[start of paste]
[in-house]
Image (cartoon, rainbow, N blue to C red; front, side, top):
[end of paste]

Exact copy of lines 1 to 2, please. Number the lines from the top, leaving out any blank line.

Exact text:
[in-house]
Image (cartoon, rainbow, N blue to C red; front, side, top):